Capitol PechaKucha Disappointment

I attended my second round of Capitol PechaKucha this past Thursday and, unfortunately, it was another disappointing night. Luckily it's not the speakers that are the problem, but the organizers of the event. They come off as the kind of people who don't pay attention to the details to an astronomical level. They also praised the fact that they have been around since 2007, which is more scary that the details haven't been worked out by this point. The first problem is they haven't managed the process of checking tickets. The fact that you have to pay $10 to attend seems odd, but it's Washington, so I digress? The ticket people seem like they were just handed a list and hadn't thought of a process to check off people and verify IDs. This may also be a simple problem on my part of showing up way too early. For some reason the time posted isn't the actual start time of the speakers, but an hour of listening to DJ cool play his jams while drinking overpriced (not so cold) beers. It's also sad that there are never enough chairs at the events. The latest event was so bad that there were only about 10 long benches/couches. Good work making everyone uncomfortable!

The last time I attended the event, I was surprised that the hosts pronounced Pecha Kucha incorrectly. I was laughed at in Columbus for not being able to get it right, but thought maybe Columbus and I had learned to pronounce it incorrectly. I was relieved when a speaker, who had been to the one in Japan, took a moment in her presentation last event to correct the hosts. The event on Thursday proved that nothing came of this public correction. They still pronounce it incorrectly.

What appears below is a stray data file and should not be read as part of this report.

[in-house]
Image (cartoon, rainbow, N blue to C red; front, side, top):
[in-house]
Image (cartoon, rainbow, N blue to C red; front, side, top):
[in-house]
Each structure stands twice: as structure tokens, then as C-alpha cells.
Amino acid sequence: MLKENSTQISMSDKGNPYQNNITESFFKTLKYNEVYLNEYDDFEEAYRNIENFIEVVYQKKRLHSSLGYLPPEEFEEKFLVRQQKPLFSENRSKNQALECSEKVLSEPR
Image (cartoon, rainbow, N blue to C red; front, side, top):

After all that I wasn't surprised to realize that the projector had not been set up properly, cutting out 1/10 of the bottom of each slide, when compared to the laptop screen. I found this particularly bad with the fashion presentation, where the whole outfit wasn't being projected.

The one thing out of the control of the organizers, but worthy of noting was the audience talked through presentations to a point that presenters couldn't be heard. What is wrong with these people?

I know the PechaKucha system works on a kind of honor system, but I would recommend the PechaKucha committee revoke the current organization association. Washington DC deserves a organization that lives up to great standards that would make the event as fun as the ones I've attended in Columbus and Springfield, Ohio.

Useful Links: How to pronounce Pecha Kucha: